Of Parents and Children by Francis Bacon

With Regard to Parents and Children – Francis Bacon

Francis Bacon was heavily influenced by Montaigne, the French essayist. Bacon’s essays cover a wide range of issues, including materialistic and metaphysical ideas. “Of Parents and Children” is a persuasive essay in which Sir Francis Bacon offers advice to parents on how to raise their children. There are some prevalent child-related habits that exist in every community, and the author wishes to rectify them. For instance, some believe that children should choose a career based on their interests. Bacon believes the contrary and believes that parents should choose a career for their children. Bacon has also included some smart phrases to bolster his argument. Indeed, it serves as a guidance for parents who are unsure how to raise their children in such a way that they will achieve success in the future.

Parents’ Griefs and Joys

Children are God’s greatest gift, but they also make parents’ lives miserable, Sir Francis Bacon believes. However, all parents keep their joys and sorrows hidden. He illustrates this circumstance epigrammatically with the following words:

“Parents’ joys, as well as their sorrows and fears, are private.” Parents labour tirelessly for their children and strive to ensure their happiness. They desire for their children to enjoy happy lives, and as a result, parents eagerly fight for them. On the other hand, they worry their misfortune since it has the potential to affect the lives of children. Children are God’s blessings, yet they exacerbate parents’ fears, according to Sir Francis Bacon.

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Nonetheless, the parents are overjoyed to see their children and hope that they will continue to live their children through them. Thus, children can bring both joy and sorrow.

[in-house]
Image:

Difference Between Human and Animal Species

Each species has the ability to reproduce in our planet, however there are some distinctions between humans and animal species. Humans possess memory; they are capable of creating and remembering history. Ancient Roman and Greek history, for example, can still be found in libraries. Additionally, humans are smart; they are incapable of swimming but are capable of building submarines; they are unable of flying but are capable of building aeroplanes. They are capable of surviving in any situation: by hook or by crook. Additionally, they are recognised not only for their reproduction but also for their good deeds. For instance, Homer is still remembered for his poem Iliad. Likewise, Aristotle is still remembered for his expertise. Indeed, the human and animal species are worlds apart.

Bacon believes that married people with children are incapable of performing great deeds. They devote their time and energy to their family and children. Thus, Sir Francis Bacon refers to children as a hindrance to parents’ achievement.

Unequal Affection of Parents